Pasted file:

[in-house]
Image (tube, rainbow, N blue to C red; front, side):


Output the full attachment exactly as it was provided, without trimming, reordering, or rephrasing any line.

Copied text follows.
[in-house]
Image (tube, rainbow, N blue to C red; front, side):